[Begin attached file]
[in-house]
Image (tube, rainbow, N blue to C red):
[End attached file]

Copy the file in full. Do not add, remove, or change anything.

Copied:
[in-house]
Image (tube, rainbow, N blue to C red):